Self-reporting to authorities of suspected foreign bribery and corruption by Australian companies is failing to occur, with top accounting firm Deloitte revealing it has investigated at least 100 potentially illegal acts involving local firms in the past two years.
It is understood that only a handful of those companies have reported to police their suspicions that their own staff have engaged in foreign bribery or other criminal conduct.
The revelations are likely to strengthen calls from the federal police to reform Australia’s anti-bribery regime to encourage companies to disclose suspected corruption.
Deloitte senior partner Frank O’Toole said the upcoming Senate committee on foreign bribery by Australian companies should call for major changes to the nation’s anti-bribery laws.
His comments come with the release by Deloitte of a survey of more than 250 senior executives from top Australian and New Zealand companies and public sector organisations.
The survey, released exclusively to Fairfax Media, found that one-third of all companies operating in high-risk offshore destinations, including Asia, Africa and the Middle East, had uncovered a suspected bribery or corruption incident over the last five years.
Almost a quarter of all executives surveyed said their firm had, during that same period, confronted corruption involving a staff member or contractor inside Australia.
The Australian Federal Police recently told a Senate inquiry it had more than a dozen active foreign bribery investigations.
Mr O’Toole said another alarming finding from the Deloitte survey related to the failure of many firms to have an adequate anti-corruption regime to detect and prevent graft in their overseas operations.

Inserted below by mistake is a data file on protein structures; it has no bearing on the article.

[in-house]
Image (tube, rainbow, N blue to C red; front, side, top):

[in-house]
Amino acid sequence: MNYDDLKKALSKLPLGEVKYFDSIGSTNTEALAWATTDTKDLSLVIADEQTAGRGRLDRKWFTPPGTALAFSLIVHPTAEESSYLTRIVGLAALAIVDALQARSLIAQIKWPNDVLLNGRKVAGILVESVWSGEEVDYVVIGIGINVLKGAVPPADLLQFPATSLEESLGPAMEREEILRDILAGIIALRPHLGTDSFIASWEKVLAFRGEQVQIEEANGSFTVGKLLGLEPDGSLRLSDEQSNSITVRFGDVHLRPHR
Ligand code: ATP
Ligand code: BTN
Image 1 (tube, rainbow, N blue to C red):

Forty per cent of executives interviewed from firms with an offshore operation “don’t have (or don’t know if they have) a formal compliance program in place to manage corruption risk”.
“We haven’t seen any tangible decrease in levels of corruption in recent years, or any major shifts in attitudes towards it, especially in offshore jurisdictions,” Mr O’Toole said.
He said the findings highlighted the ongoing problems with the way Australia tackled white collar crime.
“We have heard a lot from the federal police about how they have ramped up their investigations of foreign bribery and that is no doubt true. But they are coming off a low base and there is still only two still unresolved prosecutions in the 15 years since foreign bribery laws were passed in Australia.”
The AFP is preparing to charge several executives and companies in the coming months with foreign bribery offences.
Senior federal police have previously called for companies to be given incentives to co-operate with authorities, including a commitment to have self-disclosure recognised during sentencing.
In the United States, which has one of the more successful anti-foreign bribery regimes in the world, disclosure by companies or whistleblowers is encouraged through a series of incentives.
These include financial rewards for tip-offs and negotiated settlements with companies that co-operate with investigators.
The Senate committee inquiry into foreign bribery will start later this year.
It was established after Labor senator Sam Dastyari told Parliament he had evidence that major Australian firms had engaged in corrupt practices overseas.
Mr Dastyari was also critical of the failure of the Australian Securities and Investments Commission and the AFP to effectively combat the problem.
Former federal court judge Roger Gyles, who was recently appointed by the Abbott government to review the nation’s terrorism laws and who also chairs the local branch of corruption watchdog Transparency International, recently told Fairfax Media that Australia’s foreign bribery laws needed to be overhauled.
Mr Gyles said the key change was moving the burden of proof from prosecutors to those who have been shown to have made payments to foreign officials.
If the company cannot show a payment is legitimate, then a case may be proven, he said.